FavoriteLoadingAdd to Ministry Toolbox
Share Button

The biology teacher just assigned your class to do frog dissections all week long. You and your lab partners all need to work well together. In order for this to happen successfully, everyone needs to work off the same information. This same scenario is not unlike how one gets a group started on campus. It may mean getting your hands a little dirty. It means stepping out of your comfort zone and finding others who can join in to make a difference. But where do you begin?

The first step is to host a Student Informational Meeting. What is that? It is an opportunity to gather Christian students and give them the basic information about your group so that you can all be on the same page, working together to accomplish the vision. God never intended you to be a lone ranger, trying to reach your campus alone. What to do? Find a comfortable meeting place like a student’s home or a Christian teacher’s room. Invite the students on campus who you know are committed Christians, and pray for God to prepare them.

After people show up, welcome everyone and introduce yourself. Briefly share with them how you came to faith in Christ and why you want to reach out to students at your school. Explain that what you want is more than a Bible club; that your goal is to give every student a chance to hear about how they can have a relationship with Christ.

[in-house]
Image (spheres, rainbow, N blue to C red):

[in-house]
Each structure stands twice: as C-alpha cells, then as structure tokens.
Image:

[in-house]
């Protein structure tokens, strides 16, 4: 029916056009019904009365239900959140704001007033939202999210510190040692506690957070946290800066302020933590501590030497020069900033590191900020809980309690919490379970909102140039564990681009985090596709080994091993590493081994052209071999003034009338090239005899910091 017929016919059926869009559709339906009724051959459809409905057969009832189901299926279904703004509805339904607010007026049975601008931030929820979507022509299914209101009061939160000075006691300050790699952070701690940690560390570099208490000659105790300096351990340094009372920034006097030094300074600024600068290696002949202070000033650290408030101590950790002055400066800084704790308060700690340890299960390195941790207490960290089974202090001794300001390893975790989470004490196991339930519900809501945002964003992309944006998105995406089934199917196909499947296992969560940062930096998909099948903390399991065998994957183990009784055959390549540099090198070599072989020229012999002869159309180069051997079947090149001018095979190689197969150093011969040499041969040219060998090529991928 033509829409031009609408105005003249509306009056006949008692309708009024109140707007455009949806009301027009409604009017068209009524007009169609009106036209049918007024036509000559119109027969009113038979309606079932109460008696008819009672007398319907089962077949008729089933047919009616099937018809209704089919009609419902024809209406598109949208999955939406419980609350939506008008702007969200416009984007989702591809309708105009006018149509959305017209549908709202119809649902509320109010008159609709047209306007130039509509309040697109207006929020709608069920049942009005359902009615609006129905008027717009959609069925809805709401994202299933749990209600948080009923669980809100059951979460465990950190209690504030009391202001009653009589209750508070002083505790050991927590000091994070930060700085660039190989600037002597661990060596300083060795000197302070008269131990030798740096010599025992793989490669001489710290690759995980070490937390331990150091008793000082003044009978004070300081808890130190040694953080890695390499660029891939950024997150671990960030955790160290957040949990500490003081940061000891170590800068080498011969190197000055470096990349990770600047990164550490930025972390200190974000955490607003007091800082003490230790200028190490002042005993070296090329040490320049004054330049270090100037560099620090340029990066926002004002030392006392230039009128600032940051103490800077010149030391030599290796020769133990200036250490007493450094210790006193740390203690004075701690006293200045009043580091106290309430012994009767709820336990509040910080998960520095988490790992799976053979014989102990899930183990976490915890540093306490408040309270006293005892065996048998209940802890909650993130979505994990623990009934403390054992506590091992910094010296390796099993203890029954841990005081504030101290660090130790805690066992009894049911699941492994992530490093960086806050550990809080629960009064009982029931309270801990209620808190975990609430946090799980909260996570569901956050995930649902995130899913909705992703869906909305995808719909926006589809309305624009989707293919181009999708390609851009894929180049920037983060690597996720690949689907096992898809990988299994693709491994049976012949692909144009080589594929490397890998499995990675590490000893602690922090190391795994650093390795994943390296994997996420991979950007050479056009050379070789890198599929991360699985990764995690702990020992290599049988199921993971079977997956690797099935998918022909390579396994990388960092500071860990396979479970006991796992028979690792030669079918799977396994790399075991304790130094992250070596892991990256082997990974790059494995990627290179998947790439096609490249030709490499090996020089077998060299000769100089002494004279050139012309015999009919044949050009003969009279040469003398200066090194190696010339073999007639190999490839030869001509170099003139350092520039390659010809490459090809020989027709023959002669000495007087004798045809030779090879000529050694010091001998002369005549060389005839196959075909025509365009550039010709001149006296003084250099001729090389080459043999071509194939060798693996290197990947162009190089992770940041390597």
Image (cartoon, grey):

This is a good time to share a simple word picture of what you believe God wants you to do on your campus. For example, “Every student on our campus needs the opportunity to hear the gospel at least once before they graduate. Then go into more details of how you plan to accomplish this goal. You will need to think through a strategy for accomplishing those goals. A strategy is a simple plan, like how best to dissect a frog. This would include evangelism – winning your peers to Christ, discipleship – helping them grow in their faith through studying the Bible, and leadership – training and equipping them to effectively communicate their faith in Christ with their peers.

Finally, enlist their help. Tell them you are looking for fellow students who have a sincere desire to grow in their love and obedience to Christ and who want to unite with other Christian students in an effort to reach their school for Christ. Opportunities for involvement include:

  • Bible discussion groups
  • Prayer groups
  • Conferences
  • Evangelistic outreaches
  • Training in how to share your faith

It’s also helpful to have a few other respected students take a few minutes to share reasons why they want to be involved. Make sure you tell them where and when the next meeting is planned and have them fill out a comment card. This will allow them to tell you how they want to be involved.

The informational meeting is like that pre-meeting you might have had with your lab partners. It sets the stage for the real action to begin! Make certain you get back with interested students, and communicate clearly when your next meeting will be. Unless you do this, your desire to see a campus ministry begin may never get off the ground.